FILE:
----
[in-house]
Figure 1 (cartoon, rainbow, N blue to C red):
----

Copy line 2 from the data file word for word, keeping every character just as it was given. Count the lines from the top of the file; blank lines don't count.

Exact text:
Figure 1 (cartoon, rainbow, N blue to C red):